This rule precludes the placement of onerous requirements on property owners seeking governmental approval. In Dolan v. City of Tigard, U. The vast majority of preservation takings cases fall within this category. Under this scenario, a property owner argues that a taking has occurred as a result of the denial of an application concerning the use of his or her property.
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In determining whether a taking has occurred, it is important to identify the "relevant parcel. Thus, for example, in analyzing a takings claim, courts should look at the entire historic estate rather than the segment of the estate on which a historic preservation commission has ruled that development may not occur. The "parcel as a whole" analysis is especially significant in view of Lucas v. South Carolina Coastal Council , U. In other words, if a regulation renders property completely valueless i. Without the "parcel as a whole" rule, property owners could claim that a categorical taking has resulted with respect to the portion of property directly affected by the challenged regulatory action.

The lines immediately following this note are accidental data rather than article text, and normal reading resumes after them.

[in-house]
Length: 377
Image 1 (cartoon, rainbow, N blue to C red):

See District Intown Properties Ltd. Partnership v. District of Columbia , F. Although decided over 30 years ago, Penn Central Transportation Co. City of New York , U. Rhode Island, U. Tahoe Regional Planning Agency , U. Chevron, U. Judicial review of regulatory takings claims is based upon a three-factored inquiry: the character of the government action; the economic impact of that action on the property; and the claimant's distinct investment-backed expectations.
This prong focuses on the nature of the action in dispute. As noted above, permanent occupations are treated as per se takings and governmental actions involving exactions or conditioned approval are generally subject to a higher level of scrutiny. Historic preservation regulations are rarely challenged on this issue. Indeed, in Penn Central , the U. Supreme Court recognized that preserving historic structures is "an entirely permissible goal" and the imposition of restrictions on historic property through historic preservation ordinances is an "appropriate means of securing" that purpose.
Ch. 12 Takings - Environmental Law Section
The vast majority of preservation cases involving takings claims focus on the question of economic impact. To succeed under this factor, the property owner must demonstrate that the challenged regulation will result in the denial of the economically viable use of his or her property.